Alexander I. Spira, MD, PhD, FACP, Highlights Findings From the Phase 1/2 KRYSTAL-1 Trial of Adagrasib in KRAS G12C–Mutant Advanced NSCLC

Treatment with adagrasib monotherapy yielded an overall response rate of 42.9% in patients with KRAS G12C–mutated advanced/metastatic non–small cell lung cancer, according to Alexander I. Spira, MD, PhD, FACP.

In an interview with CancerNetwork® during the 2022 American Society of Clinical Oncology Annual Meeting, Alexander I. Spira, MD, PhD, FACP, a medical oncologist and co-director of the Virginia Cancer Specialists Research Institution, and director of the Thoracic and Phase I Program and clinical assistant professor at Johns Hopkin, discussed key findings from the phase 1/2 KRYSTAL-1 trial (NCT03785249), assessing the safety and efficacy of adagrasib (MRTX849) monotherapy in patients with KRAS G12C–mutated advanced or metastatic non–small cell lung cancer.1

The disease control rate was 80%% (95% CI, 70.8%-865%), and the median duration of response was 8.5 months (95% CI, 6.2-13.8). Of the 112 patients included in the trial, 31 have continued with treatment. Additionally, the median overall survival was 12.6 months (95% CI, 9.2-19.2) and median progression-free survival was 6.5 months (95% CI, 47-8.4).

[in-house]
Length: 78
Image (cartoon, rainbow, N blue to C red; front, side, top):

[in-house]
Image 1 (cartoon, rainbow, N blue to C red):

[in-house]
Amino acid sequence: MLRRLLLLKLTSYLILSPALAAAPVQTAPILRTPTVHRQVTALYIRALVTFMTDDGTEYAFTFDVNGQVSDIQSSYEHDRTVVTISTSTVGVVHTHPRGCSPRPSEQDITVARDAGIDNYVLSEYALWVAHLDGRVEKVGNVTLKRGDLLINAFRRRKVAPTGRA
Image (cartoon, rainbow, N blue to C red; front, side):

Transcript:

[One of] the key findings were that the [objective response rate] was 43% [95% CI, 33.5%-52.6%). That in of itself is a milestone because it’s a drug that targets KRAS G12C. Currently, there is an approved drug, sotorasib [Lumakras], so this is another one in the armamentarium. It’s important because the standard of care other than that is chemotherapy and second-line chemotherapy, usually docetaxel, is not super effective and pretty toxic. It opens up options for these patients in the second-line setting. It’s also proof of concept because KRAS mutations have been the undruggable target for a long time.

We also presented the beginning of some [central nervous system] CNS data in patients with stable treated metastases.2 Some of those patients did not have radiation, and there’s some efficacy there. We hope to see some more in a presentation by my colleague, Joshua K. Sabari, MD, who will hopefully present some more CNS data in patients with untreated brain metastases.2

References

  1. Spira AI, Riely GJ, Gadgeel SM, et al. KRYSTAL-1: Activity and safety of adagrasib (MRTX849) in patients with advanced/metastatic non–small cell lung cancer (NSCLC) harboring a KRASG12C mutation. J Clin Oncol. 2022;40(suppl 16):9002. doi:10.1200/JCO.2022.40.16_suppl.9002
  2. Sabari JK, Spira AI, Heist RS, et al. Activity of adagrasib (MRTX849) in patients with KRASG12C-mutated NSCLC and active, untreated CNS metastases in the KRYSTAL-1 trial. J Clin Oncol. 2022;40(suppl 17):9009. doi:10.1200/JCO.2022.40.17_suppl.LBA9009